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Stratasys J750 printer creates ultra-realistic bone models

Stratasys enhanced its J750 printer to enable printing ultra-realistic bone models, which may be used in biomedical training and research. The printer can now mimic porous bone structures, fibrotic tissue, and ligaments so medical professionals can create models that behave just like human bone. The company has relied heavily on clinical research to enhance its product.

The Digital Anatomy printer was first introduced a year ago, with an initial focus on mimicking soft cardiology tissues, such as hearts and blood vessels, using powerful Digital Anatomy software and materials like GelMatrix and TissueMatrix. The technology has helped healthcare providers improve surgical preparedness and medical device makers to conduct testing and train medical professionals on new devices. BoneMatrix material with the enhanced software capabilities extends those benefits to orthopedic applications.

Despite the high demand for bone models, traditional model options have serious shortcomings. The medical industry has traditionally used human bone from cadavers, or legacy 3D printing solutions, all of which have proven inadequate. Human bone is expensive, difficult to obtain, and hard to acquire with the precise pathology characteristics needed, such as with tumours or reflecting different ages. Off-the-shelf manufactured bone models also lack those patient-specific characteristics, and other traditional 3D printing solutions are bio-mechanically unrealistic. In contrast, whether inserting a screw or drilling or sawing a bone, medical professionals can expect haptic feedback from Digital Anatomy models that is very realistic, and each model can be created from an actual patient scan.

The Digital Anatomy 3D printer from Stratasys produces accurate models of patient bones down to the voxel level, including marrow, and even lets doctors include features like tumors
The Digital Anatomy 3D printer from Stratasys produces accurate models of patient bones down to the voxel level, including marrow, and even lets doctors include features like tumors

3D-printed skull and spine models for physician training workshops allow doctors to practice cutting and drilling bones, said a medical director at a children’s hospital in Florida. Her focus has been on using state-of-the-art simulation to transform pediatric training and education. “The opportunities seem endless to me because doctors can ‘operate before they operate. “It’s going to decrease surgical time, it’s going to decrease morbidity and mortality, and help us decrease anesthesia time, which is better for brain development.”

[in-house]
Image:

While the 3D printer is itself cutting-edge technology, it’s the Digital Anatomy software that unlocks the printer’s power. More than 100 sophisticated presets have been developed and refined through years of expert testing, in partnership with top academic medical centers and hospitals around the world. For example, intervertebral discs can be printed normal or degenerated. The joints between vertebrae can be printed in varying degrees of stiffness. The denser structure of skull bone is differentiated from general bones. Long bones can be printed with varying amounts of marrow. Different combinations of materials are produced at a 3D voxel level to ensure the right bio-mechanical properties.

Researchers at the Computational Mechanics and Experimental Biomechanics Lab at Tel Aviv University conducted a clinical evaluation of the characteristics of bone models that were 3D printed on the Digital Anatomy system, specifically focusing on how accurately they replicated screw pull-out force and driving torque using cortical and cancellous screws. The 2020 study concluded that orthopedic screws pull-out force in the 3D-printed models had a similar haptic response to human cadaver bone.

A second study conducted this year by researchers at the Technion Institute of Technology’s Materials Science and Engineering Laboratory in Israel demonstrated the mechanical accuracy of 3D-printed spine models compared to cadaver spines. The study was able to demonstrate that the 3D-printed models of lumbar vertebrae accurately represented the range of motion compared to published literature on human spines.

Adam Strömbergsson

Adam is a legal researcher and writer with a background in law and literature. Born in Montreal, Canada, he has spent the last decade in Ottawa, Canada, where he has worked in legislative affairs, law, and academia. Adam specializes in his pursuits, most recently in additive manufacturing. He is particularly interested in the coming international and national regulation of additive manufacturing. His past projects include a history of his alma mater, the University of Ottawa. He has also specialized in equity law and its relationship to judicial review. Adam’s current interest in additive manufacturing pairs with his knowledge of historical developments in higher education, copyright and intellectual property protections.

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